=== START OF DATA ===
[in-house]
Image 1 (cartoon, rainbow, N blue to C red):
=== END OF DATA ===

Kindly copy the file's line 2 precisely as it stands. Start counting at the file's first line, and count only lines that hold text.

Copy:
Image 1 (cartoon, rainbow, N blue to C red):